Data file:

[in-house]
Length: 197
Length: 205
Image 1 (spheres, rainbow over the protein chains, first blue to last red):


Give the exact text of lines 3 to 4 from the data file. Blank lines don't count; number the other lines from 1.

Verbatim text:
Length: 205
Image 1 (spheres, rainbow over the protein chains, first blue to last red):